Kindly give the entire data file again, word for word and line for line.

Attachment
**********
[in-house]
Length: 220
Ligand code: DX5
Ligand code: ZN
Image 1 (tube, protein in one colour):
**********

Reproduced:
[in-house]
Length: 220
Ligand code: DX5
Ligand code: ZN
Image 1 (tube, protein in one colour):